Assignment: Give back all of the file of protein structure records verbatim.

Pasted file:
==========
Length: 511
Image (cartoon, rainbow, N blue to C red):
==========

Length: 511
Image (cartoon, rainbow, N blue to C red):